Province investing in ocean technology at MI and Faculty of Engineering
From left, Dr. Christopher Loomis, Dr. Wei Qiu and Susan Sullivan on equipment in the Faculty of Engineering tow tank. Also pictured is Engineering Technologist Trevor Clark, tow tank technician.
By Meaghan Whelan
Memorial University is expanding its capacity to service the growing demands of the global ocean technology sector with a $647,000 investment from the provincial government.
The investment will enable Memorial University to upgrade its facilities at the Ocean Engineering Research Centre (OERC) and the Marine Institute’s Centre for Marine Simulation.
“This support will significantly advance the capabilities of Memorial University’s unique research and training facilities in the Ocean Engineering Research Centre and the Marine Institute’s Centre for Marine Simulation,” said Dr. Christopher Loomis, vice-president (research), Memorial University.
“They build upon and will help maintain Memorial University’s reputation as a leader in ocean technology research, and training for improved safety and effectiveness in offshore operations.”
The Government of Newfoundland and Labrador is an active supporter of initiatives that strengthen ties between educational institutions and industry.
“Globally, businesses operating in ocean-related industries are seeking innovative technologies and services that allow them to better-operate vessels and offshore platforms in harsh environments,” said Minister Sullivan. “Memorial University over the years has positioned itself as a leading source for such technologies and services – both through its tow tank and marine simulators. This investment will enable it to continue to expand its scope of services to meet industry needs.”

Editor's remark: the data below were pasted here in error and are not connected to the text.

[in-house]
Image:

Located within Memorial University’s Faculty of Engineering and Applied Science, the OERC will be upgrading its tow tank with a $400,000 investment.
“The OERC has leading expertise in the areas of engineering design for harsh environments, Arctic engineering, marine hydrodynamics, marine and offshore structures, offshore engineering and safety, autonomous ocean systems and ocean sensor technologies. OERC researchers lead many large projects funded by the offshore industry, government agencies and national and international partners.
“In keeping with Memorial’s strategic plan, OERC would like to continue advancing its capability to address the challenges in ocean technology and offshore research. The funding announced today and the $100,000 commitment from the Faculty of Engineering and Applied Science will be used to upgrade the tow tank’s wave making system and to develop the flow visualization capability and the advanced measurement systems. The renewed facility will meet the increasing demands from industry and academia in the growing area of ocean technology,” said Dr. Wei Qiu, director of OERC.
The Marine Institute’s Centre for Marine Simulation will use a $247,000 investment to add to its marine simulation activities.
“With this investment, the Marine Institute will develop a "first of its kind" capacity to create training exercises that realistically imitate offshore operations,” said Glenn Blackwood, executive director, Marine Institute. “By integrating our remotely operated vehicle simulator with our dynamic positioning and navigation simulators and developing an advanced tug simulator, Capt. Chris Hearn and his team at our Centre for Marine Simulation will provide the Newfoundland and Labrador ocean technology sector with enhanced simulation services that will improve the safety and efficiency of marine operations.”
Both projects support Memorial University’s vision for offering a complete range of training exercises for industry, which will help mitigate the risk of accidents, accelerate training and improve performance, and test new equipment designs.
These projects are supported through the Department of Innovation, Trade and Rural Development’s OceanTech Intelligence Program. Established under Oceans of Opportunity, the program is designed to advance initiatives focused on growing Newfoundland and Labrador’s ocean technology sector.